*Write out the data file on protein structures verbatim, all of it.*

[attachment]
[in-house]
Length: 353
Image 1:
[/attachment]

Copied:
[in-house]
Length: 353
Image 1: